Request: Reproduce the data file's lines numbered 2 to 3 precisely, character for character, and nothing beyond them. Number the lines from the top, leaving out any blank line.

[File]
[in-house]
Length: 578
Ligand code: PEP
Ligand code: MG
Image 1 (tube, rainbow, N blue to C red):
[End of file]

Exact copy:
Length: 578
Ligand code: PEP